SINGAPORE: After forking out more than S$2,000 for a three-night staycation at Amara Sanctuary Resort Sentosa in November last year, Ms Wendy Chong and her family were told that their room was not ready when they arrived at the scheduled check-in time.
They were asked to wait at a restaurant that was a 10-minute walk away, where they were served only water.
“The counter staff weren’t apologetic,” said the 55-year-old assistant manager at a logistics firm, who was on staycation with her husband and two daughters, aged 12 and 16. “It didn’t bother them that they were checking us in later and it seemed like it happens very frequently.”
Their room was finally ready at about 5pm, close to two hours after her check-in time.
But when they entered their room, they found that the television and safe were not working, and the hotel’s technicians were unable to fix them.
After her stay at the resort, Ms Chong left a bad review on its Facebook page. An Amara staff member commented on her post that her feedback had been shared with the team.
Yet, Ms Chong said she continued to see negative reviews from other guests who had experienced similar delays when checking in.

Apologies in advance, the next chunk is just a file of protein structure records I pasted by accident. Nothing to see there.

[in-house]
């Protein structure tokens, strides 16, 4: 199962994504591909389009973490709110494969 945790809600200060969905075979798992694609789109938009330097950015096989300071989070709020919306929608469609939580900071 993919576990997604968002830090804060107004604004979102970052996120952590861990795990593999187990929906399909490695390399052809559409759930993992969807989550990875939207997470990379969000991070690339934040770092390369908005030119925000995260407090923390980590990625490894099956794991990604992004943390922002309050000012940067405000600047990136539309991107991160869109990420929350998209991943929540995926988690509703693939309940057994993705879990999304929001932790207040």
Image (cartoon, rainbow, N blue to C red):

“If you (the hotel) cannot cope with the amount of guests then don’t accept the bookings because you don’t have enough staff,” she said.
The COVID-19 pandemic, which has affected Singapore for two years and counting, has upended lives and livelihoods across the globe. In Singapore, the crisis has also severely disrupted the manpower supply in a country heavily dependent on imported labour in some industries — including in the labour intensive hotel and F&B sectors, which were already facing a manpower crunch before the pandemic struck.
As a result, customers say they are experiencing a drop in service quality, even though they acknowledge the challenges faced by the businesses. Industry players, too, admit that they struggle to upkeep the quality of service, as there simply aren’t enough warm bodies.
With few tourists coming to Singapore due to travel restrictions, hotels have turned to relying on domestic demand for staycations and dining as their primary source of revenue.
To boost domestic tourism, the Singapore Tourism Board in December 2020 gave S$100 worth of SingapoRediscovers vouchers that could be used for local hotel stays, attractions tickets and tours.
Soon after the vouchers were distributed, several hotels made the news after long queues formed at their check-in counters, with some guests saying they had to wait several hours until their rooms were ready.
One such guest, who wanted to be known only as Ms Goh, said that she had to queue outside the Grand Park City Hall hotel in March last year for 1.5 hours before she could check in.
The 30-year-old marketing professional said that the hotel staff seemed disorganised and some guests who arrived later than her were given their rooms first.
“One of the chefs from their restaurants had to come out to offer us drinks because they were so understaffed,” she said.